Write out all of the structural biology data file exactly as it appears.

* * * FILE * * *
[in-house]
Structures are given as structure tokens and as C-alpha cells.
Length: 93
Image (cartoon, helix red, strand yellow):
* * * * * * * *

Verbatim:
[in-house]
Structures are given as structure tokens and as C-alpha cells.
Length: 93
Image (cartoon, helix red, strand yellow):